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    This article has been cited by the following publications. This list is generated based on data provided by CrossRef.

    Levy, David M. 1999. Adam Smith's Katallactic Model of Gambling: Approbation from the Spectator. Journal of the History of Economic Thought, Vol. 21, Issue. 01, p. 81.


    Sent, Esther-Mirjam 1999. Economics of science: survey and suggestions. Journal of Economic Methodology, Vol. 6, Issue. 1, p. 95.


    Davis, George C. 1995. Product Differentiation and Representative Agent Import Demand Systems: A Reconsideration and Reconciliation. Canadian Journal of Agricultural Economics/Revue canadienne d'agroeconomie, Vol. 43, Issue. 1, p. 149.


    Burczak, Theodore A. 1994. The Postmodern Moments of F. A. Hayek'S Economics. Economics and Philosophy, Vol. 10, Issue. 01, p. 31.


    Elsner, Wolfram 1989. Adam Smith’s Model of the Origins and Emergence of Institutions: The Modern Findings of the Classical Approach. Journal of Economic Issues, Vol. 23, Issue. 1, p. 189.


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The Impossibility of a Complete Methodological Individualist: Reduction When Knowledge Is Imperfect

  • David M. Levy (a1)
  • DOI: http://dx.doi.org/10.1017/S0266267100001917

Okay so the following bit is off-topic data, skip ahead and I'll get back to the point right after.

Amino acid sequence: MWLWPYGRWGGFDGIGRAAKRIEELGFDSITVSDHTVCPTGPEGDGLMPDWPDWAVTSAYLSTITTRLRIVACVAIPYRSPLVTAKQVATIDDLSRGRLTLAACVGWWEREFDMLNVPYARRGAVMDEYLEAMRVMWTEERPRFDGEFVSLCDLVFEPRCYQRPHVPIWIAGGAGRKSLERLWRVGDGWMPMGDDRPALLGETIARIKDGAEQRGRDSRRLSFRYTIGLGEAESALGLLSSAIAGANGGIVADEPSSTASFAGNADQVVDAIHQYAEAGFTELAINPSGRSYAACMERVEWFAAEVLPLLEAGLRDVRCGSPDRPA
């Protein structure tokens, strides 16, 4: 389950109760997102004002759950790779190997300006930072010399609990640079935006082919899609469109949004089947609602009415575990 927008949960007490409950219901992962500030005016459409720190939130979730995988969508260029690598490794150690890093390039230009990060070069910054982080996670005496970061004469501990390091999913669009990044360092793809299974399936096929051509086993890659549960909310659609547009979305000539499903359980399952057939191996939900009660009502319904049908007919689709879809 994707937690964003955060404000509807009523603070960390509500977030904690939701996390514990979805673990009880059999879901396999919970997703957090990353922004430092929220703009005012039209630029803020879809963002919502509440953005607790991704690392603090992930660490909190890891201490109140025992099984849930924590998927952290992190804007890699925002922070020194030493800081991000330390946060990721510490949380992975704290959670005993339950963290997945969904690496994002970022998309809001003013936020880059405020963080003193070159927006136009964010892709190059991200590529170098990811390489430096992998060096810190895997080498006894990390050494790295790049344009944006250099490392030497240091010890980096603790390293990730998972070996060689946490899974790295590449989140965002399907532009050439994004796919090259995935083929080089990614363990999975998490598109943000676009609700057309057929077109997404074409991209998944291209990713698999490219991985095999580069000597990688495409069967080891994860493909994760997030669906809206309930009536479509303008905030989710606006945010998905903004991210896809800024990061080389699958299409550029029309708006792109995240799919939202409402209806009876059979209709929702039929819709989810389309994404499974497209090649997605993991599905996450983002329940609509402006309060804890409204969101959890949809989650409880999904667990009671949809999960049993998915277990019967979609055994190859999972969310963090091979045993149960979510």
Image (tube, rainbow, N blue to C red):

• Published online: 01 December 2008
Abstract

F. A. Hayek is uniquely responsible for his fellow economists grasping the importance of the decentralization of knowledge: as Hayek shows in his pathbreaking “The Use of Knowledge in Society,” knowledge nowhere exists as a coherent whole and to pretend otherwise is a most serious error. Hayek also shares responsibility for the popularity of a strong form of the methodological individualist research program which asserts that since collectives as such have no impact on the choices of individuals, investigators ought to purge any reliance on collectives from our analysis.

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Economics & Philosophy
  • ISSN: 0266-2671
  • EISSN: 1474-0028
  • URL: /core/journals/economics-and-philosophy
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